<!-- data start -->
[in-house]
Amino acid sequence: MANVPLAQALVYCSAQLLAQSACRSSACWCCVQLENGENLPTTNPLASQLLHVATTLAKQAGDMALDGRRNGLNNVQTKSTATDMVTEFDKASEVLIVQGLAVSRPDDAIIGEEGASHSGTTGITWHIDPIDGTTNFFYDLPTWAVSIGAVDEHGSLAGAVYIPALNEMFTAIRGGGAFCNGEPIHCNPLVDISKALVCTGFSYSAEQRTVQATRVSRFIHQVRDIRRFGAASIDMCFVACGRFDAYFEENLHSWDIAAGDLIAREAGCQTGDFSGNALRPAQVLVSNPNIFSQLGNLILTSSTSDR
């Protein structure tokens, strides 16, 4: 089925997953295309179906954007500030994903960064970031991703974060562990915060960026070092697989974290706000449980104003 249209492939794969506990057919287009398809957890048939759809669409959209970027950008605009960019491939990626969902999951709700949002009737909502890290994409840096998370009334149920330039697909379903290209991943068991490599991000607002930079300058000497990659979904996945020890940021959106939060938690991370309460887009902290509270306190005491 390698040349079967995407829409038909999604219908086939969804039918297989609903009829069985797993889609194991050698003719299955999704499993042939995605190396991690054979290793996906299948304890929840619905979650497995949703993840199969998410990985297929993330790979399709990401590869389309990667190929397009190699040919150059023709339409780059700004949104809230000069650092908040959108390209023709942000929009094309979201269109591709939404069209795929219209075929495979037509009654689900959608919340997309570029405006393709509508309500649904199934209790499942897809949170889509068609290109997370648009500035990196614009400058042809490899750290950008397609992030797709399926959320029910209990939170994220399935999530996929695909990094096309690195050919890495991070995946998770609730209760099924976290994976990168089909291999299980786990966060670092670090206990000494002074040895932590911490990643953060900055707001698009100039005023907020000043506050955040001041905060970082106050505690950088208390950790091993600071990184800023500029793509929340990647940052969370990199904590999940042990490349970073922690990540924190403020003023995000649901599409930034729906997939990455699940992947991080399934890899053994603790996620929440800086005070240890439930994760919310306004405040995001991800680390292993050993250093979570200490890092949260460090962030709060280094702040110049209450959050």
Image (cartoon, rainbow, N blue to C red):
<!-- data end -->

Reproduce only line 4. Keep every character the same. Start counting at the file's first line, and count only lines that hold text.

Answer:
Image (cartoon, rainbow, N blue to C red):